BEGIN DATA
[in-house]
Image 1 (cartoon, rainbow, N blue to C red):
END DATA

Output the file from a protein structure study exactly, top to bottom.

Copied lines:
[in-house]
Image 1 (cartoon, rainbow, N blue to C red):